Bring on the Worlds

The full team poses at their station before the competition begins in Anchorage. From left are: assistant coach Greg Clem, Danny Brady, Shane Sims, Jessica Whitehead, Dawson Clem, Madison Cox, coach Mary Thole, CJ Dormido, and Micah Cook. Right, team members celebrate with their state champions trophy. Courtesy of Arlene Efergan

Skagway robotics team champs of Alaska

High robot mission score boosts team

By JEFF BRADY

Team Arthridroids from Skagway School is on a robotics roll.
Following a long holiday break after winning the Southeast region last month, and after just a few days of practice, the team cruised into Anchorage last weekend and didn’t miss a beat, bringing home the First LEGO League (FLL) Alaska state championship.
It wasn’t easy, as they went up against 52 teams from all over the state, but the seven students displayed “incredible teamwork,” said coach Mary Thole, and scored high in every category.
They benefitted from being able to do their Senior Solutions project presentation on arthritis first thing in the morning, because not long afterwards one of the students became sick with a stomach bug and missed the rest of the day-long competition.
Thole said the other students were able to pull it together, doing especially well in the core values segment and robot missions.

The team presents its champion project on arthritis before the entire assembly just prior to the awards announcements. Arlen Efergan

Before another set of judges, the team is given a core values task to complete. It was their favorite part of the day, next to winning, team members said.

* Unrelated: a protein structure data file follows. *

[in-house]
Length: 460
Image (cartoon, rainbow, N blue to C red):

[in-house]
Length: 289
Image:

They were presented with two cups – one empty and one filled with water – and they had to get water from one cup to another without using their hands. It took longer than they had hoped, but with all members of the team playing a part, they cut tape and string and attached it to two parts of the water-filled cup, then carefully lifted it and poured the water into the other cup.
Later they found out they were one of the few teams to pull it off, and other teams had just one person on the team solve the problem.
“On our team, each person had a job,” Thole said.
They next moved on to the robot design segment, where they explained how their robot, “Ready Tready,” worked its missions. But the board they were on was “an ocean of bubbles,” said one student, and few missions worked well.
They came away discouraged, but the story was much different when they took “Ready Tready” into the arena pit at the S. Anchorage High School gym.

Top Jessica Whitehead pushes the program button on robot "Ready Tready" to start a mission. Bottom Danny Brady signs the judge's form at the end of a successful mission, in which the robot scored 350 points, fourth best among 52 teams competing. Arlene Efergan

Going head-to-head with other teams, and before screaming fans, they scored 200 in the first round, 325 in the second round, and 350 in the final round. On the final mission, the robot twice was lined up perfectly to climb up and balance on a ramp without tipping, scoring the maximum points. They were short of the tourney’s top score of 400 by an Anchorage team, but worthy of fourth place in robot missions. The high score, combined with everything else they had done during the day, put them in the running for the overall title.
The first state award for the team went to assistant coach Greg Clem for the Volunteer of the Year. In addition to helping out at team practices all season long, he ran seven practice tables at State for all the teams, only taking breaks to run watch Skagway’s missions.
When their name was announced for the State Championship Award, the Skagway kids rushed the floor.
“We screamed and went through the high five line and almost crashed into the judges,” said Shane Sims, who was joined by Danny Brady, Dawson Clem, Madison Cox, CJ Dormido, and Jessica Whitehead.

Members of Team Arthridroids arrive back in Skagway with their Alaska Champions trophy. Jeff Brady

The students called teammate Micah Cook, who was feeling much better by late afternoon, and he was able to join them for the team celebration dinner at Red Robin.
Now the team’s focus turns to St. Louis and the FLL World Festival in late April. This will be the third Skagway team to qualify for the event in four years, but it also comes with a fund-raising challenge.
“We’re excited that we get to go to worlds, but we need to write a lot of letters for support,” said Cox.